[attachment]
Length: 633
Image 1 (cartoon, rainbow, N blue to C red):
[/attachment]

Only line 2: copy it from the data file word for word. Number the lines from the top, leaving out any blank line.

Image 1 (cartoon, rainbow, N blue to C red):